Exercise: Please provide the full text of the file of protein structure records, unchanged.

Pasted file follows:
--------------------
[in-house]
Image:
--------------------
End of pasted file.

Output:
[in-house]
Image: